• Avatar Jaybird in reply to Michael Drew says:

                But we shouldn’t have contempt for those who raise such concerns in earnest, nor caricature how they are raised as just being cries of ‘WHAT ABOUT THE CHILDREN??” or “PEOPLE ARE DYING!!!”

                It depends on whether these arguments have a follow-up that hold that people who disagree do not, and please note this word as it is very important to the people who use these particular follow-up arguments, “care”.

                Once “caring” is brought up, we’re in wacky world, dude.Report

              • Avatar Michael Drew in reply to Jaybird says:

                I understand. But it still doesn’t have to blow our circuits. We can keep our cool and say, Yes, if the calculations are correct and X harm could be avoided by taking the action, then we do care about that harm occurring (if we do, and bearing in mind that just because there isn’t a rider on the argument assuring that the interlocutor understands that we do care doesn’t mean they are saying we don’t, or in other words just because we feel that the question of our “caring” has been implied doesn’t mean it has actually been brought up); it’s just that there are still other considerations that still cause us to oppose taking the action. Or we can politely take issue with the calculations in the harm-mitigation proposal (pragmatics; unintended consequences, etc.).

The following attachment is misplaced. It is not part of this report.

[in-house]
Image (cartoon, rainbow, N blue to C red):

…Of course if we don’t actually care about the harm that could be mitigated, assuming it is real, well, then that, too, is a fact about the world, wacky or no. Bringing it up may well be wacky or impolite, I’ll grant that.Report

        • Avatar E.D. Kain in reply to Jaybird says:

          E.D., don’t we, as a society, have a responsibility to help people who cannot help themselves? When a dictator is slaughtering his own citizens, shouldn’t we try to stop him from doing so?

          Jaybird – what else is society but a strength in numbers? And if it is a strength in numbers than yes, we do have a responsibility to one another to help those who cannot help themselves. There is absolutely no responsibility to help the citizenry of some other country half a world away, however. The two are not analogous. I have a responsibility to my family but not to yours; I have a different responsibility to my country but not to theirs; I have yet another responsibility to the ‘global community’ but not to the global community of some other planet. These are not the same responsibilities at every level.Report